Positioning Strategy: Definition & Examples

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  • 1:33 Cost Positioning Strategy
  • 2:38 Quality Positioning Strategy
  • 3:28 Flexibility…
  • 5:07 Speed Positioning Strategy
  • 5:54 Innovation Positioning…
  • 6:33 Service Positioning Strategy
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Lesson Transcript
Instructor: Jennifer Lombardo
Manufacturing and service firms need to find a business area that will allow them to be competitive in the marketplace. In this lesson, we will examine different positioning strategies through examples.

Positioning Strategy

What key words come to your mind when you think about companies such as Apple, Walmart and Disney? Most consumers would say that innovative products, competitive pricing and excellent service are synonymous with these companies. An important step in developing key operational strategies depends upon how a company positions itself in the marketplace. Every company can't satisfy every customer and also be competitive in areas like quality, cost, flexibility, speed, innovation and service.

A positioning strategy is when a company chooses one or two important key areas to concentrate on and excels in those areas. A firm's positioning strategy focuses on how it will compete in the market. An effective positioning strategy considers the strengths and weaknesses of the organization, the needs of the customers and market and the position of competitors. The purpose of a positioning strategy is that it allows a company to spotlight specific areas where they can outshine and beat their competition.

Let's examine the requirements needed for a company to compete in the following areas: quality, cost, flexibility, speed, innovation and service. We will take a look at different manufacturing and service companies to identify examples for each and how they use their positioning strategy from an operational standpoint.

Cost Positioning Strategy

Bigmart is not known for excellent customer service. In fact, it is almost impossible to find help in the stores. Bigmart is the biggest retailer in the world because they have aligned their operations to embrace a cost positioning strategy. Following this strategy, they focus on ways to eliminate any wasteful procedures within the company and pass the savings on to their customers.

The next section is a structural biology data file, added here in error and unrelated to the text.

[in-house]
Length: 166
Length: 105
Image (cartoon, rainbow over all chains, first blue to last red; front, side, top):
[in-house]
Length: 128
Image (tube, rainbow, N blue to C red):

Bigmart has invested large amounts of money into operational processes that fully automate inventory, ordering and delivery procedures. Today, the entire cost structure is examined for reduction potentials, not just direct labor costs. Bigmart is successful because the operation cost savings allow the stores to offer lower prices to their customers. In order to remain cost competitive, Bigmart consistently invests in updating their equipment, software and training of their employees, as well as applications and procedures to streamline operations even more and stay the leader in their market.

Quality Positioning Strategy

Most companies worry about quality in a reactionary way by chasing after problems and defects. This can destroy a company's credibility in the marketplace by alienating customers and suppliers. Some smart companies choose to focus on a quality positioning strategy as a way of differentiating themselves from their competitors by using exceptional parts and materials and committing to minimal defects.

Precision Auto Manufacturer heavily invests in their operations and procedures to create a high quality product. The company is known for only using top suppliers for their parts and utilizing high-grade material for their cars. The results are automobiles that garner an expensive price tag due to excellent quality materials and performance.

Flexibility Positioning Strategy

Consumers embrace companies that are able to change products and services based on their needs. Most companies, however, find change a challenge to their operation and product design. Every change to a manufacturer results as an increase in production costs. The ability of manufacturing to respond to change has created a new level of competition. A flexibility positioning strategy is another way for companies to differentiate themselves from their competition by being able to produce a wide variety of products, introduce new products or modify old products quickly and respond to customer needs immediately.

DigiFilm and Filmback are two companies that manufacture camera and film products. DigiFilm quickly realized that consumers' needs were changing, and they became the leader in providing digital cameras, cloud storage for photos and wearable photo technology. On the other hand, Filmback was slow to realize that traditional cameras and film were being replaced by new technology. DigiFilm's ability to be flexible and change their products, operations and method of delivery allowed them to prosper, while Filmback closed their doors in 2009.

Many companies have embraced new technology to provide flexibility for their products. For example, a well-known sneaker manufacturer now allows customers to create their own sneaker designs online, and their state-of-the-art production facilities capture the request and create custom foot apparel in the blink of an eye.

Speed Positioning Strategy

Another source of competitive advantage for companies is to use a speed positioning strategy. Fast food and delivery companies all compete on delivering their products and services quickly to their customers. For example, Glasses R Us prides itself on having operations in stores that allow one hour delivery of eyeglasses. Companies such as Prodazon ship product orders the same day to offer one- and two-day delivery.

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